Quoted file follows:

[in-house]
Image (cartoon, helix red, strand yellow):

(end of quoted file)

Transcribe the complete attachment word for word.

[in-house]
Image (cartoon, helix red, strand yellow):